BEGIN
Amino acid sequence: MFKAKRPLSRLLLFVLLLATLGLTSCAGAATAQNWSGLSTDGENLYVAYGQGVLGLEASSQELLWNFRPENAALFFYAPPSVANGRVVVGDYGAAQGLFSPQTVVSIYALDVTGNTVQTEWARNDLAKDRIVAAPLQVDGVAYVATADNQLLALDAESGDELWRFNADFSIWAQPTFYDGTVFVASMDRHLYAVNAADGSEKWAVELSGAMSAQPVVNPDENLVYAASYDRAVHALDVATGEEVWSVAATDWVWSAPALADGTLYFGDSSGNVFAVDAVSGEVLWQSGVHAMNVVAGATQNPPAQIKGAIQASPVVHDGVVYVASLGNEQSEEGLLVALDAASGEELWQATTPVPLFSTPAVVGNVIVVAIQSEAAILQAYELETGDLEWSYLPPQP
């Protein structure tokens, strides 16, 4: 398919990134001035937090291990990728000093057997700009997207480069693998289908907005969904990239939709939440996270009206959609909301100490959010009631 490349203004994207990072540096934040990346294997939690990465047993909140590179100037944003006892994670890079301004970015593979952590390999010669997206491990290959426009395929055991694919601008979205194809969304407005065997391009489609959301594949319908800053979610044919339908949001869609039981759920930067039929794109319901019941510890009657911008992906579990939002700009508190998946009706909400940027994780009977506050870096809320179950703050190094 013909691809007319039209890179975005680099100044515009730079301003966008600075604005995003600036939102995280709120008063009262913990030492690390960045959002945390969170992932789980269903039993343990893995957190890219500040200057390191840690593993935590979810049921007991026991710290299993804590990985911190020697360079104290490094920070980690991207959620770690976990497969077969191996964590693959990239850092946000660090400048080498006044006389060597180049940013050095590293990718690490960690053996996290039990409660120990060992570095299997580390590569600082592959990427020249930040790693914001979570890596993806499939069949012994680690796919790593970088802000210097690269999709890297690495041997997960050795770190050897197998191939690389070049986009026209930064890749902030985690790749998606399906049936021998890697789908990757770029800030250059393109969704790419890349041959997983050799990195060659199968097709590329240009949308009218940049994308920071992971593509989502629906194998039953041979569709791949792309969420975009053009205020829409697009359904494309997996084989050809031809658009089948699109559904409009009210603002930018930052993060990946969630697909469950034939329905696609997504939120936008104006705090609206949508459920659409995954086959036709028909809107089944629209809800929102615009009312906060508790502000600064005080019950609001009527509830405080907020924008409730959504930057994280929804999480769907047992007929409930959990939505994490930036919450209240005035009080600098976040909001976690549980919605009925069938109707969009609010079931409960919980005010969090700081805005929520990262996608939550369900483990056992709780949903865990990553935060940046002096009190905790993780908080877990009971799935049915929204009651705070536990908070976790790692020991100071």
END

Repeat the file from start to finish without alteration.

Amino acid sequence: MFKAKRPLSRLLLFVLLLATLGLTSCAGAATAQNWSGLSTDGENLYVAYGQGVLGLEASSQELLWNFRPENAALFFYAPPSVANGRVVVGDYGAAQGLFSPQTVVSIYALDVTGNTVQTEWARNDLAKDRIVAAPLQVDGVAYVATADNQLLALDAESGDELWRFNADFSIWAQPTFYDGTVFVASMDRHLYAVNAADGSEKWAVELSGAMSAQPVVNPDENLVYAASYDRAVHALDVATGEEVWSVAATDWVWSAPALADGTLYFGDSSGNVFAVDAVSGEVLWQSGVHAMNVVAGATQNPPAQIKGAIQASPVVHDGVVYVASLGNEQSEEGLLVALDAASGEELWQATTPVPLFSTPAVVGNVIVVAIQSEAAILQAYELETGDLEWSYLPPQP
């Protein structure tokens, strides 16, 4: 398919990134001035937090291990990728000093057997700009997207480069693998289908907005969904990239939709939440996270009206959609909301100490959010009631 490349203004994207990072540096934040990346294997939690990465047993909140590179100037944003006892994670890079301004970015593979952590390999010669997206491990290959426009395929055991694919601008979205194809969304407005065997391009489609959301594949319908800053979610044919339908949001869609039981759920930067039929794109319901019941510890009657911008992906579990939002700009508190998946009706909400940027994780009977506050870096809320179950703050190094 013909691809007319039209890179975005680099100044515009730079301003966008600075604005995003600036939102995280709120008063009262913990030492690390960045959002945390969170992932789980269903039993343990893995957190890219500040200057390191840690593993935590979810049921007991026991710290299993804590990985911190020697360079104290490094920070980690991207959620770690976990497969077969191996964590693959990239850092946000660090400048080498006044006389060597180049940013050095590293990718690490960690053996996290039990409660120990060992570095299997580390590569600082592959990427020249930040790693914001979570890596993806499939069949012994680690796919790593970088802000210097690269999709890297690495041997997960050795770190050897197998191939690389070049986009026209930064890749902030985690790749998606399906049936021998890697789908990757770029800030250059393109969704790419890349041959997983050799990195060659199968097709590329240009949308009218940049994308920071992971593509989502629906194998039953041979569709791949792309969420975009053009205020829409697009359904494309997996084989050809031809658009089948699109559904409009009210603002930018930052993060990946969630697909469950034939329905696609997504939120936008104006705090609206949508459920659409995954086959036709028909809107089944629209809800929102615009009312906060508790502000600064005080019950609001009527509830405080907020924008409730959504930057994280929804999480769907047992007929409930959990939505994490930036919450209240005035009080600098976040909001976690549980919605009925069938109707969009609010079931409960919980005010969090700081805005929520990262996608939550369900483990056992709780949903865990990553935060940046002096009190905790993780908080877990009971799935049915929204009651705070536990908070976790790692020991100071």